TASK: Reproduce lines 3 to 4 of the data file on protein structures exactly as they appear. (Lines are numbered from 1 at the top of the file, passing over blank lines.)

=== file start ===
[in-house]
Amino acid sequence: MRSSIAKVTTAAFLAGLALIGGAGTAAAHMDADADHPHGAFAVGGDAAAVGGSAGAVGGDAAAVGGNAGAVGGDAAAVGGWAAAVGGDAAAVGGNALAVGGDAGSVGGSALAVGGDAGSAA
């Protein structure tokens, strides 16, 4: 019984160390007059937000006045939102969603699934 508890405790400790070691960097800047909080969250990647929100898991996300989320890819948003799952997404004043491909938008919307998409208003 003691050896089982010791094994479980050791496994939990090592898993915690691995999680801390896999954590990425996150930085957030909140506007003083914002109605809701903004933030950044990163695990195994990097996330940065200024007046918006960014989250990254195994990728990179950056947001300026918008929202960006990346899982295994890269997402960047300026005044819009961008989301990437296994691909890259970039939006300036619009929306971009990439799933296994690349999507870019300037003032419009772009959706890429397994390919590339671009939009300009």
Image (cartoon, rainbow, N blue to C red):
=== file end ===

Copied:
């Protein structure tokens, strides 16, 4: 019984160390007059937000006045939102969603699934 508890405790400790070691960097800047909080969250990647929100898991996300989320890819948003799952997404004043491909938008919307998409208003 003691050896089982010791094994479980050791496994939990090592898993915690691995999680801390896999954590990425996150930085957030909140506007003083914002109605809701903004933030950044990163695990195994990097996330940065200024007046918006960014989250990254195994990728990179950056947001300026918008929202960006990346899982295994890269997402960047300026005044819009961008989301990437296994691909890259970039939006300036619009929306971009990439799933296994690349999507870019300037003032419009772009959706890429397994390919590339671009939009300009």
Image (cartoon, rainbow, N blue to C red):